Control cells and clones with GATA-1 (A), TAL1 (B), or KLF1 (C) motif deletion were subjected to ChIP using antibodies specific for GATA-1, TAL1, or KLF1. Amounts of immunoprecipitated DNA were compared with input DNA and then normalized compared with amounts of immunoprecipitated DNA in the mouse β-globin LCR HS2. The mouse Actin gene served as an internal negative control and normal goat IgG (IgG) as an experimental negative control. Results are the means ± S.E.M. of two independent experiments; **P<0.01.

Double deletion of GATA-1 binding motifs in the human β-globin LCR HS3

To more strictly inhibit GATA-1 binding in the LCR HS3, we tried to mutate another GATA-1-binding motif located near the first GATA-1 motif. Guide sequences targetting the second GATA-1 binding motif (HS3_GA_R2) were cloned into pLH-spsgRNA2 vector, which has the hygromycin resistance gene as a selectable marker, and then transduced into the HS3ΔGA#2 clone using the procedure described in Figure 1C. After hygromycin selection, clones were analyzed by qPCR using the primer sets shown in Figure 4A. In clone #1 and #2 of HS3ΔΔGA, genomic DNA was not properly amplified by A2 primers (Figure 4B). DNA sequencing revealed that 16 and 37 bp including the second GATA-1 motif were deleted in HS3ΔΔGA #1 and #2, respectively, in addition to the deletion of 12 bp for the first GATA-1 motif (Figure 4C). Finally, we analyzed the occupancy of GATA-1 by ChIP. It was found GATA-1 occupancy was strongly decreased in the LCR HS3 (Figure 4D). These results show that two motifs for the same transcription factor can be sequentially deleted using CRISPR/Cas9 systems with different selection markers, and that this results in greater inhibition of factor binding.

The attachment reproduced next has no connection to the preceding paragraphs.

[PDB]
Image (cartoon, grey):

Double deletion of GATA-1-binding motifs in the human β-globin LCR HS3

Figure 4
Double deletion of GATA-1-binding motifs in the human β-globin LCR HS3

(A) DNA sequences of HS3 in the HS3ΔGA#2 clone are presented with target sequences (purple line) for sgRNA. Another GATA-1 motif is indicated by six red bases. A2F primer (red arrows) is on the GATA-1 motif. (B) Genomic DNA was amplified by PCR in the HS3ΔΔGA clones. Amounts of PCR products were measured as described in Figure 2. (C) DNA sequences in the LCR HS3 are presented for Wt, HS3ΔGA#2 clone, and HS3ΔΔGA#1 and #2 clones. (D) ChIP was performed with antibodies specific for GATA-1 in the HS3ΔΔGA#1. Amounts of immunoprecipitated DNA were determined as described in Figure 3; **P<0.01.

Figure 4
Double deletion of GATA-1-binding motifs in the human β-globin LCR HS3